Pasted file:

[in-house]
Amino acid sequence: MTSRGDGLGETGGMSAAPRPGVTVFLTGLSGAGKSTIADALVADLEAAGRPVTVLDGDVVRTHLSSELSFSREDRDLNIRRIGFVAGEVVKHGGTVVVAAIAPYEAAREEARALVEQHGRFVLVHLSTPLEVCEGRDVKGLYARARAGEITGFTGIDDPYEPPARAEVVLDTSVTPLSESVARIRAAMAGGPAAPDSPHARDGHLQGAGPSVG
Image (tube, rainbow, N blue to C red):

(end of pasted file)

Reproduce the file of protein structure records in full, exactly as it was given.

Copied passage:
[in-house]
Amino acid sequence: MTSRGDGLGETGGMSAAPRPGVTVFLTGLSGAGKSTIADALVADLEAAGRPVTVLDGDVVRTHLSSELSFSREDRDLNIRRIGFVAGEVVKHGGTVVVAAIAPYEAAREEARALVEQHGRFVLVHLSTPLEVCEGRDVKGLYARARAGEITGFTGIDDPYEPPARAEVVLDTSVTPLSESVARIRAAMAGGPAAPDSPHARDGHLQGAGPSVG
Image (tube, rainbow, N blue to C red):